Hawaii Updates: First Coronavirus-Related Death, Model Projects 374 Deaths, DOH Maps 'Hot Spots'
The Hawaii Department of Health said a person who was diagnosed with coronavirus has died. The state is still investigating the case as other factors may have contributed to the person's death.
Hawaii is seeing more COVID-19 cases of community spread and fewer that are travel-connnected as the restrictions on visitors to the island approaches its second week.
"We're seeing some signs of localized community transmission," said state Health Director Bruce Anderson at a press conference yesterday. He said as travel to the islands is restricted, health officials are seeing declines in cases with travel history.
Hawaii's coronavirus case count stands at 224 today, according to the state health department's latest update. The number of positive and presumptive positive cases represents an increase of 20 from Monday. Oahu now has a total of 157 coronavirus cases, Maui 25, Kauai 12 and the Big Island 15.
Thirteen cases are pending county of diagnosis or residency and two residents were diagnosed out of state. Thirteen of the total cases have required hospitalization.
Wyoming is the only state without coronavirus deaths.
Statistical model projects 374 Hawaii deaths
The White House has been using statistical models to project the coronavirus' march across the country. One projection estimates Hawaii could see 374 COVID-19 deaths through Aug. 4
That's the projection from the Institute for Health Metrics and Evaluation at the University of Washington in Seattle. The estimates are based on data from World Health Organization and local and national governments. The statistical model forecasts deaths and hospital utilization against capacity by state.
Dr. Deborah Birx, a member of the White House coronavirus task force, has cited the IHME projections in explaining how the virus could impact the country.
Dr. Anthony Fauci, the infectious diseases expert, said if the coronavirus is left to itself, the numbers will spike unless mitigation measures are followed. He said there are signs that the measures are working.
Gov. David Ige said that the study was not entirely accurate becasue it does not take into account the new travel restrictions. He and Lt. Gov. Josh Green are working with the researcher to provide updated information.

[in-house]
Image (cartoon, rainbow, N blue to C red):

Hawaii coronavirus case 'hot spots' mapped
The Hawaii Department of Health released a map that shows where the state is seeing the most confirmed coronavirus cases, the so-called "hot spots" of infections.
Oahu with the largest population among the counties has the most cases at 139, with a large concentration stretching from Kailua to Kahala. There is also a growing cluster in Ewa Beach.
Maui has the second most cases at 25, with a large number of them clustered in the Wailuku area. Less impacted are Kauai with 12 and the Big Island with 15 cases.
There are now eight confirmed cases of community spread in the state.
Interisland travel quarantine take effect
Gov. David Ige is imposing a fourteen-day mandatory quarantine on interisland travelers starting midnight tomorrow and continuing through April 30. The emergency order will close a gap in the state safety net aimed at curbing the spread of the coronavirus.
Domestic and international travelers arriving here are already under a two-week quarantine order. But some state lawmakers had questioned why interisland travelers weren’t subject to the same requirement.
Now they will be, but there are logistics to be worked out.
One is how essential workers like health care providers flying to another island will self-quarantine.
“You need to self-quarantine at the place of lodging. Then you go and travel to where you need to work or provide your care services," said Ken Hara, director of the Hawaii Emergency Management Agency.
"We're asking that you wear PPE for at least 14 days while you're doing these services, and then upon completion, go back to your place of lodging and then you'll be subjected to the self-quarantine.”
In a follow-up to the press conference, the state health department said essential workers will need to wear protective gear during flights.
Hara says the state is looking at whether family members who fly to another island for a day or two will need to abide by the 14-day quarantine order.
State still ramping up on ventilators, other equipment
As other parts of the country struggle to get ventilators and other medical equipment, Hawaii is still making preparations for the expected continued rise of cases here in the islands.
Part of those preparations include an inventory of what might be available when it comes to emergency room beds, ventilators and other critical supplies.
Lt. Gov. Josh Green shared some specifics in that area at a press conference yesterday.
As of yesterday afternoon, out of the 204 cases of coronavirus in Hawaii, six patients are in intensive care and two are on ventilators.
This is a developing story. Please check back for updates.
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